‘However, wherever belts carry wet material the standard mild steel belt fasteners that work so well on dry belts wear out more quickly,’ says senior master welder Jimmie van Hoose. ‘In many cases we found ourselves replacing the same splice three times a year, so resplicing tended to be my biggest problem.’

While visiting a trade show, Mr van Hoose mentioned the problem to staff on the Flexco stand and was informed of a possible solution — belt fasteners made of MegAlloy. This proprietary alloy, which is heat-treated to maximize hardness against wear, is one of six special metals available in Flexco’s bolt- or rivet-attached heavy-duty belt fasteners to help them work better in hostile environments. It was specifically designed by Flexco for high resistance to abrasion and as a much lower-cost alternative to stainless steel splices, which cost over six times the price of standard mild steel fasteners.

‘In all our highest wear areas, where we were resplicing three times a year, MegAlloy plates now last at least a full year,’ says Mr van Hoose. ‘They cost us about 85% more than standard mild steel plates but they end up saving about 38% of what three sets of standard plates would have cost over the same period of time. That saving is even better when you consider the maintenance time avoided on the two splices we didn't have to install — probably worth at least $240 to $360 in labour.’

Less resplicing also improves productivity. Of the concrete plant’s 12 conveyor belts, only three can be bypassed. Stopping any of the other nine belts stops the entire plant, so lengthy downtime can result in substantial loss of production and, consequently, revenue.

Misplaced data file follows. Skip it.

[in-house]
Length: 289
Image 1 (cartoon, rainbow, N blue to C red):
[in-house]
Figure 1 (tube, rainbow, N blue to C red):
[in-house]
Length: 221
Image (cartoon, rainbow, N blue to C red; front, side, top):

Apart from the benefit of fewer splice installations, the resplicing task is faster now that Flexco bolt-solid plate fasteners have been improved with new piloted bolts. In a typical bolt-solid plate installation, holes are drilled through the belt ends guided by a special template, then bottom plates and bolts are inserted from the underside of the belt. Top plates are then placed over the bolts protruding through the belt's top cover and secured with special tapered nuts, usually tightened with a special powered socket wrench.

The new piloted bolts feature a 6mm threadless shank at the tip of each bolt. This makes it possible to place the tapered nuts loosely on to the upward protruding bolts without the need to secure them in that position by hand-turning. The added shank length holds the nuts in place until the wrench is applied. By narrowing the tip of the bolt, the threadless shank also quickens the usually blind insertion of the bolts from the underside of the belt.

As tightening compresses the plates into the belt cover, the tapered bottom on the nuts positions them into matching countersunk pockets formed into the plates. This results in a flat, low-profile splice that is compatible with belt cleaners and skirtboards designed for fastener-friendly operation. Before tightening, a strip of rigid nylon tape is threaded between the plates and belt surface along the top and bottom of the tightly butted belt ends to prevent the belt ripple that would otherwise result from plate compression. The tape also helps to protect the belt ends against moisture and prevents fines from sifting through the splice.

Jimmie van Hoose is continuing to experiment with Flexco’s stainless steel fasteners in the most demanding areas, and he uses them exclusively in the sand plant because of the extremely high levels of abrasion and corrosion. Two of the six sizes of Flexco bolt-solid plate fasteners offered in MegAlloy now account for about 70% of the fasteners in use at Bridgeport.

Targeting specific belts for conversion to MegAlloy splices was at first intuitive at Bridgeport, but is now becoming strongly influenced by a relatively new MP2 maintenance database management program. This program builds histories of when various repairs were done and when to expect future repairs. ‘When certain repairs are becoming too repetitive we either start looking for a superior repair product or change our repair procedures,’ says Mr van Hoose.